The Long-Lost Friend: Indexing

I’ve gone back to do some more work on The Long-Lost Friend.  Right now, I’m working on the index.  This is quite a challenging task, especially as it’s the second index I’ve ever written (the first being that for The Necronomicon Files).

Indexing is work, but it’s not boring, if you’re doing it right.  Sure, you could use software to do the grunt work, but that would never be as good as an index created with knowledge of the text and the readership.  It actually constitutes a series of questions to the author about what’s important in the text.

For example, one recent trend has been for books of magic to have multiple indices for the names of spirits, purpose of spells, and the like.  I thought about this and rejected it.  Sure, specialized indices might be useful, but one has to figure out if the book has the desired index and where it is in relation to the back matter.  If you have one index, you’re still paging though the back matter, but at least it’s alphabetical.

Then come the questions.  Let’s see…  Though the Christian God shows up in the book, it’s far too often for an index entry for “God” to be of any value.  On the other hand, Jesus shows up from time to time, so that might be of interest.  Ingredients should definitely be in there, as should personal names.   Place names might be fun, especially if I want to sell the book to a PA audience.  How about strange variant spellings?  If I’ve got a heart of a bat, should I have an entry for “heart,” or “bat”, or both?  If I’m detailing charms, should I also include gestures such as stroking the patient, walking about, or striking?  (I decided against it, as each term would have too many variants, even though I think it’s an important aspect of magical practice that deserves more attention.)  At every stage, I’m trying to guess at what a potential reader might find interesting, and feeding that back into the process.

I’ve made my way through the text of the book in this manner, and today finished the first 150 footnotes.  If you have anything you’d find valuable in an index to a book, please chime in.  It’s not the sexiest part of writing, but it’s one on which I know people have some definite opinions.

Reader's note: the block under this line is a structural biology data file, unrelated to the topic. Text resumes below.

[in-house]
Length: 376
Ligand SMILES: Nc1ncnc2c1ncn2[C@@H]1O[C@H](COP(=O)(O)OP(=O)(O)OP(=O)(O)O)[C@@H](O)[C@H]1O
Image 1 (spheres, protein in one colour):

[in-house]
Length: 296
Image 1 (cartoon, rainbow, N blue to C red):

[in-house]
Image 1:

Published in: on May 9, 2011 at 7:40 pm  Comments (3)  

The URI to TrackBack this entry is:

RSS feed for comments on this post.

3 CommentsLeave a comment

  1. A tricky business. Some of the terms people might expect to find in there aren’t actually prevalent in the most common available version of Hohman’s text – “hex” or “hexerei”, “brauche” or “braucherei”, even “pow-wow” is absent aside from the title page.

    Those who would know to look for such things would probably appreciate pointers to “SATOR Square”, “Abracadabra”, “Rehmeyer, Nelson” or “Rehmeyer’s Hollow”, “Albertus Magnus” or “Egyptian Secrets”, “Apprentice to Murder”, “Wellman, Manly Wade”, etc. – naturally, whether you include these kind of things depends entirely on how much you’ve commented on them.

    Some things that people might not expect but would stand out might be “Gypsy”, “himmelsbrief”, or the mention of any prominent authors/scholars whose work you’ve called out, either to praise, expand on, or counter (such as Don Yoder).

  2. “How about strange variant spellings?”
    Include these under the main entry (e.g. “batte”, to make up an example, under “bat”). If there are variant spellings that seem significant, consider placing them in parentheses in the index entry, e.g. “Bat (batte, batt) …”

    “If I’ve got a heart of a bat, should I have an entry for “heart,” or “bat”, or both?”

    Both. However, I’d suggest sub-dividing ‘heart’ into ‘of animals’ and ‘human’, or some sort of useful categories at least.

  3. […] If you’re interested in more about the book, you can read my posts covering such topics as the background of the author, Saint Lawrence, the Egyptian Secrets of Albertus Magnus, German hymns, beer, the rheumatism letter, running water, the use of the devil’s name – or lack thereof, in the book, and indexing, […]

Leave a Reply

Fill in your details below or click an icon to log in: Logo

You are commenting using your account. Log Out / Change )

Twitter picture

You are commenting using your Twitter account. Log Out / Change )

Facebook photo

You are commenting using your Facebook account. Log Out / Change )

Google+ photo

You are commenting using your Google+ account. Log Out / Change )

Connecting to %s